What's it like to grow up during war? To be a victim of violence or exiled from your homeland, culture, family, and even your own memories?
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When America's talking heads talk about war, children and teenagers are often the forgotten part of the story. Yet who can forget images of the Vietnam "baby lift," when Amer-Asian children were flown out of Vietnam to be adopted by Americans? Who can forget the horror of learning that Iranian children were sent on suicide missions to clear landmines? Who wasn't captivated by stories of the "lost boys" of Sudan, traveling thousands of miles alone through the desert, seeking shelter and safety? From the cartel-terrorized streets of Juárez to the bombed-out cities of Bosnia to Afghanistan under the Taliban, from Nazi-occupied Holland to the middle-class American home of a Vietnam vet, this collection of personal and narrative essays explores both the universal and particular experiences of children and teenagers who came of age during a time of war.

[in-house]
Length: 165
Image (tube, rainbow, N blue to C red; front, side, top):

J.L. Powers is the editor of Labor Pains and Birth Stories and the author of two young adult novels, most recently This Thing Called the Future, an alternative fantasy set in post-apartheid South Africa. She began collecting essays on children and war while pregnant with her first child and says, "The experience was both painful and uplifting, not unlike giving birth. The most memorable aspect of these essays is their stark portrayal of both survival and hope in the midst of incredible suffering."